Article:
2015 New York Safe Boating - 14

EQUIPMENT

4

To protect yourself and your passengers, there is certain
safety equipment that the law requires you to carry on
your boat. The equipment we will discuss will satisfy
both state and federal safety requirements for boats. But
more importantly, having the equipment we cover in this
section, and using it properly, may be vital to survival in an
emergency. See the checklist on page 81 to find out what
you need to carry on your boat.

boats	16	feet	and	greater	in	length	also	must	carry	a	Type	IV	
throwable PFD.

US Coast Guard Approval

Effective for all waters, this type
of PFD provides the most buoyancy. They are designed to turn
unconscious wearers in the water
to a face-up position. There are two sizes: adult, with 22 lbs
of buoyancy; and the children's size with 11 lbs of buoyancy.
If you are going boating in areas where rescue may be delayed, this is the PFD to have.

Types of Personal
Flotation Devices
Off-Shore Life Jacket
(Type I PFD)

Throughout this chapter we will
reference safety equipment that is
"US Coast Guard Approved". The
purpose of approval is to confirm that
the safety equipment has been tested
and been found to meet the regulatory
requirements relating to performance,
construction and materials used at
the time of manufacture. Each approved device will be
marked by a label, or a stamp. This mark must be visible and
readable in order for the piece to be considered US Coast
Guard Approved.

Near-Shore Buoyant Vest (Type II PFD)
The near-shore buoyant vest is
intended for calm, inland water,
where there is a good chance of
a quick rescue. This type of PFD
may turn some wearers over to a
face-up position, but the turning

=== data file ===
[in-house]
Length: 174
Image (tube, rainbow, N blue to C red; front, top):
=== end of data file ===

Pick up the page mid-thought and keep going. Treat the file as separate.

action is not as pronounced nor
as effective as the Type I device.
The adult vest provides 15.5 lbs.
of buoyancy, and the child's vest
7 lbs.

It is no longer required to use type coding on a PFD.
However	manufacturers	will	continue	to	use	these	codes	
until newer labels are designed and approved. Current PFD
that	have	Type	I-V	on	their	labels	will	be	legal	to	sell	and	
wear for the useful life of the jacket.

Personal Floation
Device (PFD)

Flotation Aid (Type III PFD)
Good for calm, inland water,
where there is a good chance for
immediate rescue. These are designed for special recreational activities such as water skiing. The
Type III provides the same buoyancy as the Type II, but without any
turning ability, so wearers must
place themselves in the face up position. They come in many
colors and styles, and in general, are the most comfortable
type of PFDs available. There are PFD specifically designed for
various activities such as waterskiing, fishing and hunting.

Buoyancy is the force that
counteracts the gravitational forces
on a person in water. Most of
us don't have enough natural
buoyancy to keep afloat, so if we
fall in the water, we'll sink. In
order to stay afloat, we need
a personal floatation device,
or PFD. PFDs provide additional
buoyancy and used correctly, can keep a person
afloat for hours. The person using a properly sized PFD will be
able to keep their head above water to breathe without the
exertion	of	treading	water.		This	can	be	the	difference	between	
life and death in an emergency. Life jackets, life vests, and
throwable floatation devices are all versions of PFDs.

Throwable Devices
(Type IV Flotation
Devices)

Carriage Requirements

These PFDs are designed to
be thrown to a person in the
water, and grasped and held
until rescued. These devices
are not intended to be worn.

Every pleasure boat floating or sailing in New York State
waters must carry at least one wearable US Coast Guard
Approved PFD, for each person on board. This applies to all
boats, including canoes, kayaks and rowboats. In addition,
14



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